Enfilade

Forvo — You Say Tomato, I Say Tomato

Posted in resources, teaching resources by Editor on July 16, 2011

Note from the Editor

One of the challenges of ‘doing’ art history, whether at the introductory, student level or as an established scholar, is knowing how to pronounce lots of unfamiliar words and names. That making sense of the eighteenth century requires such a wide range of international knowledge just compounds the difficulties. A working knowledge of French and Italian go a long way, but they hardly solve all of one’s problems (and incidentally just reinforce how large the gaps are in what often counts as the field’s dominant terrain). The important addition of German helps a lot, but there’s still plenty of room for serious gaffes. Latin is always useful with languages, though sometimes it can hurt with pronunciations. And names can be tough even in one’s native language. At least for American speakers, British names like Albemarle, Derby, and Leicester are tricky enough without the likes of Featherstonhaugh (which is sometimes, maybe all the time?, pronounced Fanshaw).

The digital revolution has transformed lots of what we do, but until recently, the usage model depended upon reading as an exclusively visual (and thus silent) experience. How often have I heard fine presentations from my students, marred by their serious mispronunciation of some crucial term or person in their paper? How often have I done the same thing, realizing only a few moments before giving a talk that I’ve never actually heard that name pronounced before?

One indication of the expanding sensory dimensions of the web comes from a source that I stumbled across several months ago, Forvo. The site’s tagline is clear enough: All the words in the world. Pronounced. Well, they’re not there yet (at least as of today, no Featherstonhaugh), but what is included is impressive. This past May, the site passed the million mark, with 267 languages represented . . .

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We are celebrating these days our third year online and coinciding with this anniversary we have reached an amazing number of pronunciations: 1,000,000. We have no words to thank you for making this possible but we have a graphic instead : )

Our friend Asier has created this nice infographic where you can see the evolution of Forvo and also the key data in our way.

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The site allows users to see how the same word would be pronounced in multiple locations. The proper pronunciation, for instance, of the British surname, Albemarle, would be a mispronunciation of the eponymous town in North Carolina. Forvo gives you both.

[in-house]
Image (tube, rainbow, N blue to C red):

I still have questions. Is it affectation for an American to pronounce the city Bath with a British accent? Or in fact a mispronunciation of the city’s name not to do so? It also is often quite useful to know how names were pronounced in the eighteenth century (sometimes the shifts have been substantial), and at least currently Forvo appears to deal only with the present. Still, I think it’s a really valuable tool. I’ll be pointing students to it and also checking words myself (likely much more often than I would care to confess). -CH.

2 Responses

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  1. Alberti's Window said, on July 17, 2011 at 12:07 am

    Ironically, I just stumbled across this site this past week. I was looking for the the French pronunciation of “Joseph Nicéphore Niépce” and was directed to the Forvo site by Google. I didn’t spend too much time on the site though, until I read this post. What a fantastic resource!

    Along these lines, this is a fantastic webpage that is dedicated to the pronunciation of names for Dutch painters. I remember being surprised at the pronunciation of “Pieter de Hoogh.”

    Love your blog! Keep up the great work!

    • Editor said, on July 17, 2011 at 1:41 am

      Thanks, Author-of-Alberti’s-Window, for the kind feedback.

      The case of Dutch painters is especially interesting given that mispronunciations have become perfectly acceptable, indeed in many quarters even preferred. From my experience, the Dutch are amazingly good-natured about it, but it must be annoying. . . .

      As anyone who’s heard me speak very much about many different topic can attest, I’m hardly in a position to point fingers at others’ bangled pronunciations 🙂

      -Craig


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